By Shihar Aneez
COLOMBO (Reuters) - The Sri Lankan government said on Thursday that Oman's government-controlled Oman Oil Co has made clear that it is interested in taking a 30 percent stake in a new oil refinery project on Sri Lanka's south coast.
The Oman oil ministry on Wednesday denied that it had agreed to acquire the stake, saying it knew nothing about the investment that was announced by Sri Lanka's government the previous day. Sri Lankan officials had said that a Singapore entity controlled by the Indian company, Accord Group, would take a 70 percent stake.
Sri Lankan Prime Minister Ranil Wickremesinghe told parliament on Thursday that the Oman government has sent a letter saying it is interested in the $3.85 billion project, which could become the island nation's biggest direct foreign investment, and there have been discussions about a 30 percent stake. He said that could rise to 40 percent.
Earlier in the day Sri Lanka's investment board said that Oman Oil Company had "registered their firm intention to participate in equity up to 30 percent, subject to reaching agreement between the parties".
It is the second time in recent months that Sri Lankan officials have announced a deal before it has been completed, forcing them into hurried explanations.
Finance Ministry officials failed to secure a $300 million loan that they said was offered by Bank of China and was to be received before the end of January. Ministry officials this week said that the loan is still being discussed.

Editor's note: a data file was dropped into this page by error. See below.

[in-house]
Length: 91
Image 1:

Any big deal in Sri Lanka involving Indian investment will pose a challenge to China, which until recently had been on track to be the dominant foreign investor on the island.
India has become concerned in recent years about China muscling in to Sri Lanka and other countries in a region where India is the traditional power.
The planned refinery will be built next to an investment zone China Harbour Engineering Corp is planning and a $1.4 billion port controlled by China Merchants Port Holdings.
Chinese Foreign Ministry spokesman Geng Shuang told a regular news conference in Beijing that he was not aware of the refinery project but China has "an open attitude towards India and others having mutually beneficial cooperation with Sri Lanka".
China is the biggest buyer of Omani oil, importing about 80 percent of the Middle Eastern nation's overall crude exports in January, according to an Oman government website.
Sri Lanka's investment board also said that another Oman entity, Oman Trading International, is willing to supply the entire feedstock requirement for the project and take on the marketing for its refined oil products, such as gasoline.
Wickremesinghe will launch part of the project, the building of the oil storage tanks, on Sunday at a ceremony on his 70th birthday.
That first phase of the project will cost an estimated $1.85 billion and be paid for by Accord. The construction and operation of the refinery at an estimated cost of $2 billion would be paid for by the Accord-Oman venture, investment board officials have told Reuters.
(Writing by Martin Howell; Editing by Tom Hogue and David Goodman)